By MAGGIE M, Editor, Wedgee-in-Chief, East Ontario Trekker
The royal was reportedly elated. “It’s the most beautiful place in Canada,” Princess Louise, Daughter of Queen Victoria, had said while visiting Jones Falls, Ontario.
I have heard similar effusive remarks in the last few years from a number of visitors and Parks Canada employees. “You have to see Jones Falls,” they would accentuate in hushed tones, as though they were divulging the location of a hidden treasure.
This verdant location by virtue of its layout is indeed beautiful and frankly, unspoiled. There are two establishments that have been serving the public for some time: Hotel Kenney and Shangri-la cottages and camping. You can swim at the Shangri-la’s tiny beach or picnic on its grounds. The locks offer many picnic spots and tables.
The view in Jones Falls is spectacular.
Unfortunately, the Kenney is closed this 2019 for major renovations. It is rumoured the property is for sale. This beautiful, grand cottage was surely in the Princess’ thoughts. The wedge hopes for a 2020 rebirth of this historic place, either under current or new ownership.
The Kenney was the foodservice destination at Jones Falls. Restaurants are a mere 20 minutes at nearby Elgin or more abundantly in the renown village of Westport. The Cove Inn is an excellent choice for an extensive menu and patio dining throughout the day and evening–and an overnight stay.
Jones Falls has features as no other. The stone arch dam built in the late 19th century was an engineering feat, the first in the world. This is a must see on your travails. Find out why it is called the “Whispering Dam.”
It was said by workers during construction, it is the “Seventh Wonder of the World”, and is easily the most spectacular engineering structure on the Rideau Canal.”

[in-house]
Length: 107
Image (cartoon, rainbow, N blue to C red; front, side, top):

The Whispering Dam:
Originally designed to be 17 m (48 ft) in height, it was increased by 2.5 m (8 ft) at the bottom (to find solid bedrock in the river bed) and 2 m (7 ft) at the top (to prevent overflow). It extends 107 m (350 ft) across the gorge and was the tallest dam in North America when it was built. It consists of three sections. First, a masonry face that is 8.5 m (27″ 6″) wide at the base, then, a clay puddle core for watertightness in the middle and lastly, earth fill on top, extending 39 m (127 ft) upstream. Like the locks, all the stones were carted from a quarry 10 km (6 mi) away. The old riverbed at the base of the dam supports a unique and fragile plant community. The protected southern exposure and fertile soil that is moistened by seepage from the dam supports mosses, liverworts, sedges, mint, touch-me-not, turtle head and Jack-in-the-pulpit. The dam has often been called the “whispering dam” because its acoustics allow the sound of someone speaking at one end of the face to be heard at the other. A viewing platform and interpretive display panel are at the western end. (Reproduced under Fair Use, Parks Canada.)
There are many features beyond the view, the locks and the dam. Parks Canada fleshes them out beautifully here. There is a surprising connection to Redpath Sugar.
Pack a picnic, get in the car and drive to Jones Falls.